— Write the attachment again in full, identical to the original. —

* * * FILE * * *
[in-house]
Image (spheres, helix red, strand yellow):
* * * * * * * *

[in-house]
Image (spheres, helix red, strand yellow):